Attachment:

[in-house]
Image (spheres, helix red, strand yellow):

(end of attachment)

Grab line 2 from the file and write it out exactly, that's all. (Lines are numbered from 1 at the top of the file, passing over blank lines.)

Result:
Image (spheres, helix red, strand yellow):